Convicted Burglar Sues Homeowner For ‘Recklessly’ Shooting Him
A convicted burglar in Indiana is suing the homeowner who shot and wounded him while he was making an escape. So here are the basics of what happened. Police say David Bailey broke into the garage of David McLaughlin back in April of 2014. When the homeowner spotted him, he fired gunshots as Bailey was making a run for it away from McLaughlin’s property. One of the bullets hit Bailey in the left arm as he was running down an alley, according to The Star Press.
Here’s the twist. Bailey pleaded guilty to burglary, and was sentenced to home detention. However, a separate jury also found the homeowner guilty of criminal recklessness for shooting Bailey during the attempted break-in. McLaughlin was sentenced to 60 days in jail. So last week, civil attorneys for Bailey filed a lawsuit saying McLaughlin acted recklessly in firing the shots and wants “a monetary award in an amount sufficient to compensate (Bailey for damages).”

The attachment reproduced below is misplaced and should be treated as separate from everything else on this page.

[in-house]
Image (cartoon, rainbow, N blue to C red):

The lawsuit alleges, according to The Star Press:
While Bailey pleaded guilty to a related burglary charge last year, in the lawsuit he contends he “had not entered (McLaughlin’s) garage” and “never entered the defendant’s garage for the purpose of stealing property.”
The suit alleges Bailey was in an alley behind McLaughlin’s home when the homeowner “exited his residence and began firing his weapon into the air in response to a security alarm sound in his garage.”
“My client thinks it’s outrageous and I tend to agree. You don’t ordinarily expect someone to burglarize you and turn around and sue you for damages,” the homeowner’s attorney told WTTV.
Very interesting case. Do you think the convicted burglar should be allowed to recover damages for being shot while doing something illegal? Believe it or not, he might have a case.
“One possibility is for McLaughlin to argue a type of assumption of the risk or plaintiffs’ conduct. However, the court may limit that defense if this response is prohibited by law, as indicated by the criminal conviction,” said George Washington University Professor Jonathan Turley said in a blog post.
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